“How deeply am I going into the wilderness?”
Monday, November 13, 2006
A chunk of Canada is moving to California. Literally.
Next month Vancouver-based Polaris Mineral Corp., in partnership with the 'Namgis and Kwakiutl First Nations, will begin mining sand and gravel deposits from the Orca Quarry on Vancouver Island. Once extracted, they will then be transported via conveyor belts to waiting Panamax ships. Interestingly, parts of the conveyance system are submerged, supposedly, so as not to pollute the pristine view for passing hikers, kayakers, and mountain bikers.
Initially, most of what's mined there will be sent to the San Francisco area where “overall demand for construction aggregate is driven primarily by population growth and the resulting need for infrastructure expansion and maintenance.” Afterwards, who knows. Maybe soon all the new houses in the continental U.S. will be built entirely of imported Canadian soil. Or perhaps in the decades to come a freer global trade in islands and mountains will result in skyscrapers constructed entirely out of the Himalayas or interstate highways built from Pacific archipelagos, ingeniously self-erased before the impending sea-level rise had the chance to do so.
Orca Sand & Gravel Project
The Kuiper Belt Necropolis
The first ever extraterrestrial cemetery is set to launch next month, reports Wired: “On Dec. 6, the desert silence near Upham, New Mexico, will be shattered by the roar of a SpaceLoft XL rocket hurtling skyward from Spaceport America. The payload: individual capsules containing the ashes of 179 people, part of the Legacy Flight program, among them the late actor James (Scotty) Doohan and Gemini program astronaut Gordon Cooper.”
So will this new Kuiper Belt of micro-earths solve the high ecological cost of earthbound cemeteries? Not entirely, because there's a catch: “You're not actually 'buried' in space; you don't embark on an endless orbit of the Earth. The duration of the flight all depends on the apogee of the orbit, and can range from two to several hundred years, depending on the service the customer requests.”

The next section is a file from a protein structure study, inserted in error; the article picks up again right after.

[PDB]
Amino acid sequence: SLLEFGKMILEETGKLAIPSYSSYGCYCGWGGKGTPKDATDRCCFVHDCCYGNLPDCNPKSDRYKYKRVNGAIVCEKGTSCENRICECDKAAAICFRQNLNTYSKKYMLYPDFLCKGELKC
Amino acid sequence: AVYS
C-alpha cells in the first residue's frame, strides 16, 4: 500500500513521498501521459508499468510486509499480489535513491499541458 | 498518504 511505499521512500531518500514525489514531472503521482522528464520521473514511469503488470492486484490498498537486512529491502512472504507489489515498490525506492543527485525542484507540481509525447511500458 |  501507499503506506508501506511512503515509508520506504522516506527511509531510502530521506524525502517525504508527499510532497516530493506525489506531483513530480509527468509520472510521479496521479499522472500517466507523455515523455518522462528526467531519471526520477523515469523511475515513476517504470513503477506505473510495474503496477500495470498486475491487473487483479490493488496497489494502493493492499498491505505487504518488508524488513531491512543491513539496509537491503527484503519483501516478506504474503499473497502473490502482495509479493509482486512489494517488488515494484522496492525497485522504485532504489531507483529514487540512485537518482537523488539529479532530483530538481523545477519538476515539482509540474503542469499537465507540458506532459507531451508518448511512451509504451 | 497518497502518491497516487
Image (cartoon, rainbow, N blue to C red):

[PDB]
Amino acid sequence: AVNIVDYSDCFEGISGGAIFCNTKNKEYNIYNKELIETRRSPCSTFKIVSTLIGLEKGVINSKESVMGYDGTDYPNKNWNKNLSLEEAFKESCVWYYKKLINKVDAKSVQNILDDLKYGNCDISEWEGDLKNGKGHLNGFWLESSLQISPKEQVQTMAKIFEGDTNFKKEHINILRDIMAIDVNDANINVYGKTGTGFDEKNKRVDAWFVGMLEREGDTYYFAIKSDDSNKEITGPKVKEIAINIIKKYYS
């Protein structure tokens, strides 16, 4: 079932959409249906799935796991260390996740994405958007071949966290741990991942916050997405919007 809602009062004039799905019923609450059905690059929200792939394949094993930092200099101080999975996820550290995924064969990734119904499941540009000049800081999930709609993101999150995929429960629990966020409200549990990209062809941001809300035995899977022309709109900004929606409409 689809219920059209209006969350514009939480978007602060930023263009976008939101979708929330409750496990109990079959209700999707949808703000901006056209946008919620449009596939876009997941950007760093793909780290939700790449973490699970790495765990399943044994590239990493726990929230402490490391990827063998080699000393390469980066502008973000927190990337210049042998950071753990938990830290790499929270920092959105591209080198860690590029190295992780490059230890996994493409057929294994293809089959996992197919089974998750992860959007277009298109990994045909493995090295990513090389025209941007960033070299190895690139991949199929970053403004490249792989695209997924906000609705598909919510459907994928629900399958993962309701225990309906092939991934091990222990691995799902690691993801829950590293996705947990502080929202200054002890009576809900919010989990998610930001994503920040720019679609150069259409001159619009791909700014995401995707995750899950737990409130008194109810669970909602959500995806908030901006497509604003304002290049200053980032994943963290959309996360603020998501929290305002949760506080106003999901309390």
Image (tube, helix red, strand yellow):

Still, I do like the idea of gravesite visits reprogrammed, for instance, as a typical American suburban backyard barbecue. While the burgers and hotdogs are grilling, family and friends will consult NASA's Satellite Tracking service to determine the path of a spacebound crypt.
There will be a hubbub about vectors and declinations, some frantic ballyhoo about latitude and longitude. And there will also be a row about whether to use the metric system or English units, but then it's finally time. The lights are switched off, someone opens up a Bud Light, and everyone takes turns peering through the telescope as their dearly departed passes them by overhead.
Or maybe everyone will drive up to derelict observatories up in the mountains, made obsolete by more powerful telescopes or urban light pollution. A pilgrimage to necro-planetariums, through picturesque winding roads and autumnal colored forests.
When their orbit finally decays completely, they will then simply fall back to earth in a blazing, primordial meteor shower towards a cratered necropolis, their final impact coordinates having been picked, reserved and paid for centuries ago.
Columbiad Launch Services
Landscape architects as landscapes
Forever Fernwood, Part III
Posting the Dead
Hill of Crosses
Forever Fernwood, Part II
Nature is dead. Long live Nature.
Monday, November 06, 2006
This is what happened:
Yesterday I sneaked into the ground zero hole.
Actually, I had no idea that this was possible, but I just passed the gate and walked down, and nobody really took notice. The first 3 levels down, everything is still quite messy, but the rest of the 119 below zero floors, are perfectly intact.